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As a long-time admirer of democratic Germany, I have been deeply depressed and dismayed this week by Chancellor Olaf Scholz's refusal to allow German Leopard 2 tanks to be sent to Ukraine. [long bitty Twitter thread here but full post on timothygartonash.substack.com]

Here are just a few ways in which Scholz's policy is weak, contradictory, inconsistent, historically insensitive, morally problematic, disingenuous and counter-productive... (But apart from that, absolutely fine...)
Ukraine needs modern battle tanks for the combined arms counter-offensives essential to recover more Russian-occupied territory, before Putin's 200,000+ mobilised Russian reserves get there to defend it - & attack again. Time is therefore of the essence.
German foot-dragging could mean that Russia ends up hanging onto more of that territory, and therefore being able to claim a partial victory in any resulting de facto if not de jure peace settlement.
There is good reason to believe that that some German policymakers – as always, giving strategic priority to the long-term relationship with Russia – privately reckon that this would an outcome we should settle for. That is the truth that dares not speak its name.
If so, they are profoundly mistaken. It wld reinforce Putin's power & show Xi Jinping, as he eyes Taiwan, that you can simply seize other people's territory by force. This is what Germany, as a leading advocate of rules-based international order, has spent decades opposing.
Of course one has to be mindful of the danger of escalation. But the way Scholz and some other Social Democrats talk about the danger of Russian nuclear use recalls the 1980s rhetoric of their younger years, when the threat of all-out nuclear war trumped everything else...
....In the name of Frieden – a very specific ideological version of 'peace' - East Europeans had to shut up and keep their heads down ('Frieden may not be everything, but without Frieden, everything is nothing', Egon Bahr.)
Whether or not this is a genuine fear of nuclear war on their part, it is not a realistic assessment of the risk. If Putin used a +tactical+ nuclear weapon, it would kill Ukrainians, not Germans. German Angst also contrasts painfully with Ukrainian courage.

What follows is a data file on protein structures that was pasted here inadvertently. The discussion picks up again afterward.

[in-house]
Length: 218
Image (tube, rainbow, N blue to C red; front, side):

Scholz's constantly emphasises the need for 'European sovereignty'. But when it comes to weapons support for Ukraine, his position is 'we won't do anything unless the Americans do it'. Some contradiction surely.
German government officials tell you privately 'but you see, the Americans aren't sending tanks!'. But when one talks to the Americans, they say 'we're not stopping them!'.
The argument that Germany won't send Leopards unless US sends Abrams tanks is not militarily serious. The hugely complicated, jet fuel-propelled, lumbering Abrams are ill suited to Ukraine's needs. The >2000 Leopard 2s in the armouries of 13 European armies are well suited.
The new German defence minister said after Ramstein meeting that they had to review their stocks of Leopard 2 tanks, to see how many might be potentially available for Ukraine. After 11 months of full-scale war in Ukraine, it seemed beyond careless not to have done this already…
Just two days later it turns out he was either ill-informed or disingenuous, since Der Spiegel has seen a secret Bundeswehr document prepared already in +early summer 2022+ which identified 19 Leopard 2 tanks in their armoury that would be suitable for use by Ukraine..
In practice, more suitable might be some currently held for refurbishment by Germany's formidable defence industry. There's a painful contrast between the speed & organisational skill of Germany's energy adaptation and implausible excuses & bureaucratic foot-dragging on this.
On 'historically insensitive and morally problematic', see my recent commentary: //www.theguardian.com/commentisfree/2023/jan/18/germany-history-defend-ukraine-zelenskiy. I rest my case.
Some friends say one should not place too much emphasis on the arguments from history. I can only say that, as someone who has long admired Germany's exemplary facing up to and trying to learn lessons from its double difficult past (Nazi and Stasi), it feels important to me.
As, I can safely say, it does to quite a few other Europeans, not least in Central and Eastern Europe.
@Hans Kundnani suggests Scholz is in line with German public opinion. Maybe so - but the duty of a German Chancellor in a critical moment for Europe is to lead, not to follow.....
...as did Adenauer for West Germany's integration in the West, Brandt for Ostpolitik, Schmidt for the deployment of cruise missiles, Kohl for German unification and European monetary union...
A lot of this has to do with managing a divided Social Democratic Party, with a strong anti-military and pro-Russian wing. The Greens and Free Democrats have both been much better on this issue, as have the opposition Christian Democrats.
The German government keeps pointing out that it's one of the largest military supporters of Ukraine, as well as giving a very substantial financial and humanitarian contribution. This is absolutely true.Germany has moved a huge distance from its position before 24 February 2022
So why cancel out all the international credit you should be getting for all of that, by foot-dragging on this? Especially since you're going to move in the end. The entire German record since February last year, on almost every category of weaponry has been...
... 'we're not going to send that; we're not going to send that (eg Gepards, Marders)' until finally 'oh yes we are!' & then 'Why do you criticise us? Look, we've sent that!'. I will take a bet it will be the same with the Leopards. Come on Germany, you're better than this.
Timothy Garton Ash
Historian, essayist, commentator. New book Homelands: A Personal History of Europe https://t.co/gwNSszjHSJ. New Substack https://t.co/RnT8L820nf
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